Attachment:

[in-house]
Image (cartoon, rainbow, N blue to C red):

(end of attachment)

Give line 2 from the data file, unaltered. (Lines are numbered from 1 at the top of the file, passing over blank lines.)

Image (cartoon, rainbow, N blue to C red):